The Food

Don’t get me wrong, I like food. I love food. In the right circumstances, I’m like some kind of record-breaking, speed eater. Chuck a cheese counter my way and I’ll show you something quite, quite special. However, food in exchange for having just expelled an entire person from your muff? No, men, NO:

The Med(ical)

These responses fall largely into the category of ‘ways having a baby screws with your body’. Some are physical, some are emotional, all are way less fun than a Porsche. Broken biffs, colostomy bags and shattered dreams…sounds like the title of a Mike Leigh film, doesn’t it?

If only Hermes made colostomy bags…

The Ugly

For ugly, read: ‘rubbish’. Really rubbish. And actually quite ungrateful: Hello darling. You didn’t get drunk for 9 months. In fact, you drove me around for 9 months while I got drunk. You developed cankles. You cried because your wedding ring got stuck on your water-retentive fingers. You committed numerous selfless acts to procreate a little piece of me, and for that I am truly grateful…now here, have this shit ‘gift’.

The following ladies? I implore you to siphon off some hard cash from your joint bank account, bob down to Selfridges and piss it up the wall on selfish tat purely for you. Go. GO!

So there you go. Unlike Facebook, Twitter is not some snooty rule book or smug ‘how to’ guide to life. It’s a conversation. A confession. A little reassuring, non-judgmental, honest bunch of people saying ‘we’re in the same boat too’. Right now, hanging out in my laptop or kicking back in my mobile, are my kind of people. I’m sorry it took so long, but I found you in the end.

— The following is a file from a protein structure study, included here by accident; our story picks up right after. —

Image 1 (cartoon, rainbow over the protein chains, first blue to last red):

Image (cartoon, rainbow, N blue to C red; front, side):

*ok. Twenty. TWENTY. Yeesh, what are you, my birth certificate?

**-ical

*** I know, it’s a terrible pun. Big sozzes for that.

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Dirty Dancefloor


I have officially been working for over a week now. A WHOLE week. In my terms, that’s usually more than enough time for me to have loved something, grumbled about that same something, reconsidered it, got itchy feet and started planning my next move. I wouldn’t say I was fickle, more…ambitious?…ever in search of life’s challenges? Ah, fuck it, I’m fickle. However, in the case of this lovely job stuff, I haven’t for a minute thought ‘should I really be doing this?’ or written a pros versus cons list (I used to do that a LOT) because it has, just naturally, felt right. I hope that doesn’t sound smug. It’s really not meant to and if it makes any difference, I am shattered and a little bit missing the lazy mornings when the kids were at pre-school and I could watch 90210 under the pretence I was doing some terribly important research on teen surf boys and their abs (good teens, you know, like over 18 and allowed and stuff). But, BUT, on the whole the ‘feeling right’ thing and not spending a good part of my day questioning my existence and worth is quite nice. It’s really nice, actually. After generally being a bit incompetent at being a full time mother, it’s nice to remember there’s something out there that I’m not so shit at.

Anyway, wanky-wanky-my-fragile-soul-wah-wah-wah-you-have-heard-it-all-before rubbish out the way, here are some other things I have learned this last week:

The GAP near the office is open when I walk past in the morning. Ditto Urban Outfitters. This can only point to one thing and that thing starts with me building a collection of more jeans than any one person could ever need and ends with the kids having to wear clothes I’ve made. Speaking as someone who once used staples to mend a hole in her top, I think you’ll agree that that is more than a fair trade-off and my children are actually very lucky to have such an innovative, creative mother. Who will make them new clothes out of staples and plastic bags

That, although yes it is still dark outside each morning, the blackened windows of the train carriage act as an excellent mirror for when I’m putting on make-up

Eyeliner application and a moving train do not a happy combination make

In order to get out of the house in time each morning, I need to plan my outfit the night before. A bit like when it was out-of-uniform day at school only this time around, I’m trying to work the ‘young enough to get asked for ID’ look, as opposed to the ‘old enough to get served Hooch at Bargain Booze’ look